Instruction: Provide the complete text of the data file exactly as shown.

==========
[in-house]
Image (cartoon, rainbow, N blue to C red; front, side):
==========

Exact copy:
[in-house]
Image (cartoon, rainbow, N blue to C red; front, side):